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Discussion Starter #1
Will the clutch cable metal collar at the lever end slide through the plastic eyelet that's screwed inside the nacelle/triple clamp area?

Hard to get a pic of this so I hope y'all know what I'm referring to.

Replacing the clutch cable on my 16 CDH. OEM one broke after 11k.

Taking my time on the replacement job after reading up on it here. Took the floorboard off tonight...ha.
 

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I just remove that eyelet along with the old cables. Just the plastic anchor... Not the wire eyelet.
 

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Discussion Starter #3
I just remove that eyelet along with the old cables. Just the plastic anchor... Not the wire eyelet.
How did you remove the eyelet? Tap it out from the back side? Not sure if I can get my hand up in there to unscrew it.

Did you take the nacelle apart to get at it? Rather not if I don't have to...
 

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Will the clutch cable metal collar at the lever end slide through the plastic eyelet that's screwed inside the nacelle/triple clamp area?

Hard to get a pic of this so I hope y'all know what I'm referring to.

Replacing the clutch cable on my 16 CDH. OEM one broke after 11k.

Taking my time on the replacement job after reading up on it here. Took the floorboard off tonight...ha.

It should, mine did.
 

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How did you remove the eyelet? Tap it out from the back side? Not sure if I can get my hand up in there to unscrew it.

Did you take the nacelle apart to get at it? Rather not if I don't have to...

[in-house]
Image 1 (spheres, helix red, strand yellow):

If you want to save it, it is sometimes possible with a plastic body moulding tool, it has a fork to fit behind the business end of the eyelet. They do not unscrew, they are pressed in and simply pull back out, although sometimes they break off in the process. If you are not saving it, you can simply pull it out. Long-neck needle-nose pliers can be handy.
 

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Discussion Starter #7
Soooo close to being done replacing the cable...stuck again and need some advice.

Got the new OEM cable routed correctly (as the original was) and both cable barrel ends are seated. Problem is the cable is too tight that I can't seat the release arm cable metal housing into the primary cover boss. I tried loosening the cable adjustor barrel all the way but no joy.

Of course if I pull the cable barrel from the release arm, then I can easily seat the housing into the boss but then can't thread the cable barrel into the release arm.

Thoughts?
 

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When I changed my cable,I first made sure it was snaked thru everything that it needed to be snaked thru,following the exact same routing as the original cable followed.Then,I connected the cable to the arm on the transmission end first.Then ,using the adjustment piece in the cable,I screwed it in all he way so as to make the cable as long as possible.Then I took the clutch lever off the handle bar and placed the other end of the cable into it.I then put the handle bar clutch lever back in place on the handle bars,and adjusted the free play from there..Does that help ya out any??? Dave!!!
 

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Discussion Starter #9
Good idea, Dave. Decided to pause for today, solicit ideas, and try again in the am. Will give that a go first thing. Hope I don't loose the clutch level retaining clip.

If this is that tight with the cable as long as it could be just to install it, I'm wondering how much free play I'll be able to get.
 

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Yep, +1
connect lower end of cable and settle everything into place, then work the slack to the top and into the hand lever. I think that can normally be done without pulling the lever off its perch. You will loosen it from the bars though to make enough slack.
 

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Good idea, Dave. Decided to pause for today, solicit ideas, and try again in the am. Will give that a go first thing. Hope I don't loose the clutch level retaining clip.

If this is that tight with the cable as long as it could be just to install it, I'm wondering how much free play I'll be able to get.